A disproportionate share of smokers with adverse health events quit smoking, which suggests that they may be particularly receptive to cessation interventions at the time of an adverse health event. Smokers with 1 of the 5 included diagnoses or who were hospitalized because of any reason accounted for 31% of smokers but 50% of smokers who quit smoking (Figure). Still, considerable opportunity remains to reduce smoking in older adults. If all of the 31% of smokers with these health events were to quit smoking, the overall share of older smokers who quit smoking would increase from 18% to 40%.
Similarly, overweight and obese individuals may be motivated to attempt weight loss after receiving a new diagnosis, yet there is substantial potential for further reductions. Individuals with new diagnoses of lung disease, heart disease, or DM lost, on average, −0.31 U of BMI, whereas BMI increased slightly by 0.06 U in those without new diagnoses (data not shown). Further weight reductions could be needed to be clinically significant in lowering future health risks. For example, one study cites weight reduction of 5% to 10% as clinically meaningful.22 In additional analyses, individuals with diagnoses of DM, lung disease, or heart disease were not significantly more likely to lose 5% or 10% of body weight compared with individuals without these conditions (P > .10; data not shown).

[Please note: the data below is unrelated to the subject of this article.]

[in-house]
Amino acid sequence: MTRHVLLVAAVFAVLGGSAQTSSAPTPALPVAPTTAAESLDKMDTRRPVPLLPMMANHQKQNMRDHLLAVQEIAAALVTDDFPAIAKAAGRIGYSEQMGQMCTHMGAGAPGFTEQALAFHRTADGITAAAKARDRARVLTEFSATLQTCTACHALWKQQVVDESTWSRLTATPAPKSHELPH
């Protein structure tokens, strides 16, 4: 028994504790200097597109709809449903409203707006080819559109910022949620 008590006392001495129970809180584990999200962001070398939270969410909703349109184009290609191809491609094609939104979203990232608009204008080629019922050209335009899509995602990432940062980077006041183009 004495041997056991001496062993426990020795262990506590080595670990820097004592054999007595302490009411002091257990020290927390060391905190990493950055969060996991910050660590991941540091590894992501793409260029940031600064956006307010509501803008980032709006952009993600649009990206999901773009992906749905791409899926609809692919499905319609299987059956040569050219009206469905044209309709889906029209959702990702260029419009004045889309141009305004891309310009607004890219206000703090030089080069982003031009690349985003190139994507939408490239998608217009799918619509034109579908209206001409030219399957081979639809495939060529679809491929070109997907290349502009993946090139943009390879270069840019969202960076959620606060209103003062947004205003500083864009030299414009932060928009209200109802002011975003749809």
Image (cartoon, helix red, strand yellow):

The results suggest that quality-improvement measures that target individuals at the time of an adverse health event are likely to be well founded. Medicare hospital public reporting includes measures of whether smoking cessation counseling is provided to patients with heart failure, acute myocardial infarction, or pneumonia.24 Guidelines and evidence reviews recommend smoking cessation counseling and pharmacotherapy for older smokers and conclude that older smokers derive health benefits from smoking cessation.7,25 Several studies find smoking cessation treatments to be cost-effective.26,27 Similarly, counseling about diet and exercise is recommended in overweight and obese individuals.5 Previous studies found that rates of discussing weight loss or smoking cessation in clinical settings are low,9- 11,28 although a recent study found improvement in rates of cessation counseling in patients with heart failure, acute myocardial infarction, or pneumonia in hospitals accredited by The Joint Commission.29